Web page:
major retailers selling bogus herbal supplements
The New York State attorney general’s office accused four major retailers on Monday of selling fraudulent and potentially dangerous herbal supplements and demanded that they remove the products from their shelves.
The authorities said they had conducted tests on top-selling store brands of herbal supplements at four national retailers — GNC, Target, Walgreens and Walmart — and found that four out of five of the products did not contain any of the herbs on their labels. The tests showed that pills labeled medicinal herbs often contained little more than cheap fillers like powdered rice, asparagus and houseplants, and in some cases substances that could be dangerous to those with allergies.
The investigation came as a welcome surprise to health experts who have long complained about the quality and safety of dietary supplements, which are exempt from the strict regulatory oversight applied to prescription drugs.
The Food and Drug Administration has targeted individual supplements found to contain dangerous ingredients. But the announcement Monday was the first time that a law enforcement agency had threatened the biggest retail and drugstore chains with legal action for selling what it said were deliberately misleading herbal products.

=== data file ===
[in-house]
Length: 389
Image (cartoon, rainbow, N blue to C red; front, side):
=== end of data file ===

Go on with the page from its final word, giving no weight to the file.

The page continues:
© Yana Paskova for The New York Times Health supplements on display at Walgreens in Times Square in Manhattan.
Among the attorney general’s findings was a popular store brand of ginseng pills at Walgreens, promoted for “physical endurance and vitality,” that contained only powdered garlic and rice. At Walmart, the authorities found that its ginkgo biloba, a Chinese plant promoted as a memory enhancer, contained little more than powdered radish, houseplants and wheat — despite a claim on the label that the product was wheat- and gluten-free.
Three out of six herbal products at Target — ginkgo biloba, St. John’s wort and valerian root, a sleep aid — tested negative for the herbs on their labels. But they did contain powdered rice, beans, peas and wild carrots. And at GNC, the agency said, it found pills with unlisted ingredients used as fillers, like powdered legumes, the class of plants that includes peanuts and soybeans, a hazard for people with allergies.
The attorney general sent the four retailers cease-and-desist letters on Monday and demanded that they explain what procedures they use to verify the ingredients in their supplements.
“Mislabeling, contamination and false advertising are illegal,” said Eric T. Schneiderman, the state attorney general. “They also pose unacceptable risks to New York families — especially those with allergies to hidden ingredients.”